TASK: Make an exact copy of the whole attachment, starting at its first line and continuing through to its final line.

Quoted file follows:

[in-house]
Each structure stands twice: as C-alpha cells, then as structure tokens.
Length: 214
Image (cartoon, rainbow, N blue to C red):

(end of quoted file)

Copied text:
[in-house]
Each structure stands twice: as C-alpha cells, then as structure tokens.
Length: 214
Image (cartoon, rainbow, N blue to C red):